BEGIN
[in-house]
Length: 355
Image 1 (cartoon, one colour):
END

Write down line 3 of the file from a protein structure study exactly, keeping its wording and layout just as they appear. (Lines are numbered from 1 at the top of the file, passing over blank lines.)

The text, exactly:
Image 1 (cartoon, one colour):